Culture

Orkney and Slavery–‘I have at present 36 negroes, besides stock…’

By Virginia Schroder

Official medallion of the British Anti-Slavery Society (1795)

Official medallion of the British Anti-Slavery Society (1795)

The Black Lives Matter demonstrations have focussed attention on the history of black oppression and the legacy of slavery.  In Britain, attention has centred on well-known figures associated with the big cities but the slave trade and slavery permeated all parts of the country, Orkney included. Hossack states that there were a number of ‘enterprising Orcadian planters, and, of course, slave-holders in the West Indies.’[1] The following outlines just a few of the Orcadians or Orkney-connected people who were involved.  They include Lawrence Dundas, owner of a large part of Orkney, who, on his death in 1781,left a fortune of £900,000 and a couple of plantations in the West Indies,[2]  and Sir James Douglas (1703-1787),MP for Orkney and Shetland, who owned Weilburg plantation in Demerara.[3]

The eldest son of Robert Graham, of Skaill House, sought his fortune in the West Indies.[4]Thomas Baikie of Burness, Sanday, lived on the Dallas Castle Estate in Jamaica. [5]James Blaw of Kirkwall was appointed, in 1766, to the Blue Mountain plantation in charge of the plantation’s slaves. He is also referred to in the 1770s as an overseer. [6] He eventually returned to Orkney.[7]

Ed’s note: I have removed from here an image of Skaill House at the request of the current owners of the property who reject any inference that the past occupants of the house were involved in slavery. The line in the article objected to is this one, The eldest son of Robert Graham, of Skaill House, sought his fortune in the West Indies.[4] ‘:

“The house is no doubt full of past indiscretions as was common for estates but there is no proof that John Graham was involved in slavery, so the inclusion of Skaill House in any form is not applicable to the article.

“Our records have John Graham being almost destitute and going to the West Indies in search of his fortune. He was incapable of purchasing land or slaves. He was based in Kingston where he served as a privateer and later captained the private ship of war The Arrow in 1781. He is presumed dead in 1782 whilst still serving as a privateer. Many of these accounts are available from the Orkney Archives.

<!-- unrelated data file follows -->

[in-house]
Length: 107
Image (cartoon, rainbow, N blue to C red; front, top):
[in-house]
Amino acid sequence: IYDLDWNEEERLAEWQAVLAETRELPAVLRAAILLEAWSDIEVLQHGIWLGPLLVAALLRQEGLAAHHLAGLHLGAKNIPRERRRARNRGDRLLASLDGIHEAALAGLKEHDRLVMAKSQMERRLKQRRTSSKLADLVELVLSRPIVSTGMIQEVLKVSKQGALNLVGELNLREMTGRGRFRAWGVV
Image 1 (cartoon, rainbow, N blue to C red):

“There is no evidence to suggest we played a part in slavery, we would ask that our image is removed along with the line referring to Robert Graham or the article is retracted altogether as it amounts to defamation of character. We have already had bad press as a result of this article from readers and friends who have contacted us directly

Malcolm Laing (1718-1781), born in Eday, went to Jamaica. As attorney of the Blue Mountain estate from 1759-78, he was the first to develop it for sugar production.[8] Laing had estates at Pindar’s River, Seven’s and St Toolie’s and ‘acquired there an immense fortune.’[9] He became one of the largest moneylenders on the island, extending credit for the purchase of slaves, equipment or to fund the planters’ lavish lifestyle. When he died, he left £88,600.[10] James Laing[11] (1766 – 1827) went to Jamaica to look after the plantation of his uncle Malcolm.[12] He became the owner of multiple plantations and one of the most important attorneys (overseer for absentee landowners) on the island.[13] His income was reckoned to be in the region of £20,000 a year. [14]. Samuel Laing wrote of his brother, after visiting him in London:

‘He was there living in splendour like all West Indians. He suggested the supplying of his estate in Jamaica with herrings.’[15]

The intention behind this was to feed slaves as cheaply as possible. Samuel Laing set about implementing this in Stronsay and this was the origin of the herring fishery in Orkney.

John Watt ‘went to Jamaica and acquired wealth.’[16] In a letter, written in 1764 to his cousin, Kirkwall merchant, William Watt, he wrote: